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Taxes and Online Casino Profits

If you’ve ever wondered about how it is that online casinos get licensed, well, it isn’t always the easiest process to go through. Quite often, the places where online casino companies base their servers are the places where the local government bases its laws on the ruling power – with a nod in favor or against certain industries or businesses setting up shop. This is the case, for instance, in Gibraltar, where it is easier to get a license to operate an online casino than many other places, but the operations are restricted by Great Britain, which controls that territory. Great Britain, though, passed a law some months ago creating a new gambling control board, and with that it has been speculated will, finally, come licensing procedures and allowances for online casinos. But the taxes are an important issue.

A tax haven is good for an online casino business because an online casino business stands to rake in significantly more profits thanks to reduced or non-existent tax laws designed to entice certain kinds of businesses to set up shop on their territory. Online casinos are such businesses, that prefer not to have “Big Brother” looking over their operations too much, even if they are honest, because with “Big Brother” usually comes more taxes or invasive financial inquiries.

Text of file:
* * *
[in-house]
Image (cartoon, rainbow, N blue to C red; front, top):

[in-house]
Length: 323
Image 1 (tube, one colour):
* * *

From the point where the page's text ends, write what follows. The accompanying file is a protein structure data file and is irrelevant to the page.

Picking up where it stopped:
Since online casinos prefer not to have too much attention paid to them, this usually means that the farther away from the mainland, its regulations and taxes, the better. The online gambling industry thrives in places like Antigua and Gibraltar because the combination of lax tax laws and relatively easy licensing are exactly the type of business environment that online casino operators tend to look for. Out of the way, off-shore, but mostly able to business on the mainland of certain countries – online casino companies are hardly the only businesses fleeing mainland operations or prevented from carrying such operations of business out in the first place.

OCA News Editor

Jenny McKinnley is OCA’s financial correspondent. After spending years on the trading floor in both NY and London, she offers insight from the inside out on world financial news and events.

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